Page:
For example, when we experience "cats", we have the power to abstract a representation of “catness” and define what a cat is. That is, we comprehend an abstract type "catness" from the particular "cats", and then universally apply this to identify all creatures that are "cats".

    Where the universality for Platonic thinking was found in a universal “idea” existing upon which the nature of something is founded, in Aristotelean thinking we abstract ideas from particular things in the world, and then universalise these ideas when re-applying them to represent the particular:

      “The abstract type when the intellect considers it reflectively and contrasts it with the particular subjects in which it is realised or capable of being realised, is attributable indifferently to any and all of them. The applicability of the abstract type to the individuals is its universality.” (Mercier, "Critériologie", Louvain, 1906, p. 343)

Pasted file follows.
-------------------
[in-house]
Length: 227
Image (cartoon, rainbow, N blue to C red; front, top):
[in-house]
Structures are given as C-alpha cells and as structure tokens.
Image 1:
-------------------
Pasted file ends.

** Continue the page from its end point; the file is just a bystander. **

2) Nominalists are anti-Realists, denying the actual existence of universals and also normally abstract objects. Most nominalists believe only physical particulars in space and time are real, although some allow for “abstract entities” such as numbers part of such.

Wikipedia on Nominalism talks of the distinction between Plato’s Realism along with the main concerns Nominalists have with universals:

    "Nominalism arose in reaction to the problem of universals, specifically accounting for the fact that some things are of the same type. For example, Fluffy and Kitzler are both cats, or, the fact that certain properties are repeatable, such as: the grass, the shirt, and Kermit the Frog are green. One wants to know in virtue of what are Fluffy and Kitzler both cats, and what makes the grass, the shirt, and Kermit green.